IOT: We have a problem

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The Internet of Things (IOT) is the term used to describe the network that continues to expand at an ever increasing rate, connecting any device with an on/off switch to the internet and each other. This allows anything from dental implants to crop-dusting drones, to send data for analytics or indeed where appropriate receive remote instructions. This interaction between the…. physical world and digital world is revolutionising business opportunities, for service providers and manufacturers by generating new operating models, therefore ultimately providing a more customised service to consumers.

However, to make this possible; sensors, actuators, transceivers and processors are being incorporated in a huge range of products.  The value of connecting these devices lies in the data which is returned for further analysis.  Understandably there are great challenges with connecting IOT devices, generally over a wireless protocol. Then there is the data storage and processing capabilities of the device, with decisions on whether data can be part processed on device, or completed at the edge of the network before being passed to the remote server.

In this article I am not going to focus on the traditional challenges identified for the future of the IOT, such as;

  • Security: Poorly designed devices can, if exploited, allow access to a user’s personal data or media (including live video feeds)
  • Privacy: Smart devices constantly listening and analysing user conversations to provide in-context answers, such as; Amazon Alexa, Smart Televisions, etc.
  • Scalability: With Siemens predicting that 5.5 million new devices are connected every day, it is clear that infrastructure the world over will need to grow to support the overwhelming future data requirements.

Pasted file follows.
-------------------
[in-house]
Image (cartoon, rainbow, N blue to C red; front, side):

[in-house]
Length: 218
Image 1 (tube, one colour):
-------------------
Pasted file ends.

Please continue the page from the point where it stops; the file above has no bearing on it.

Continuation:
• Regulation: Cross border data-flows and privacy laws will be debated to find an appropriate level of regulation.
  • Standards: Protocols, gateways, API’s and agreed best practices are all being developed, adopted and dropped at a fierce pace of development.

With the promise of great returns, every consulting firm (Capgemini, Accenture, etc.), vendor (Amazon, Google, Siemens, PTC, HPE, IBM, etc.) and even traditional businesses (GE, Bosch, etc) are building out enterprise IOT solutions.  The market is quite fragmented and oriented around verticals such as; Smart Logistics, Smart Factory, Smart Agriculture, Smart Cities, Smart Grid, Smart Retail, Smart Healthcare and IOT Security.

Instead I want to focus on something many PLM veterans will recognise as a familiar issue. Are we at risk of creating new “closed” data silo’s, due to all these different proprietary IOT systems and platforms not being able to talk with each other? The potential for the IOT to improve our lives significantly across; manufacturing, healthcare, construction, supply chain and mobility will only be realised if data can be shared, analyzed and repurposed across these different platforms.

Enterprise customers are already discovering that they currently need to purchase and configure several different IOT solutions, due to proprietary single purpose M2M (Machine 2 Machine) solutions.  The need for global open standards for data exchange across platforms is critical to the predicted growth figures and realising the benefits. Left untouched I can see a situation in the not too distant future, where CIO’s are launching expensive programmes to consolidate down the closed IOT data silos of data and just selecting a single IOT platform and Big Data Analytics (BDA) solution.  This feels an awful lot like the early days of justifying PLM, pushing for open standards and the consolidation of closed data silos onto a single PLM platform, but history does have a nasty habit of repeating itself!

At Product Innovation a CIO-led learning community for manufacturers, over several years we have captured through interviews and recorded presentations, how leading organisations have understood the importance of data analytics and actionable intelligence to drive business adoption. This content is available through our PI membership community, with curated content ensuring that both new and existing manufacturers tackling the challenge will gain insights into effective strategy, implementation and the inevitable pitfalls that exist in getting there.

Paul Empringham, VP Research, PI – a CIO-led learning community for manufacturers.

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